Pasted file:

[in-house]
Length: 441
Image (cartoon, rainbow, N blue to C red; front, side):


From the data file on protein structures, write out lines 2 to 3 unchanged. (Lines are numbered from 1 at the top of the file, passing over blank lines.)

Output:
Length: 441
Image (cartoon, rainbow, N blue to C red; front, side):